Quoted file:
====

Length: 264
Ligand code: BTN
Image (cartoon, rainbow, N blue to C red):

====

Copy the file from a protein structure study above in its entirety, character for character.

Length: 264
Ligand code: BTN
Image (cartoon, rainbow, N blue to C red):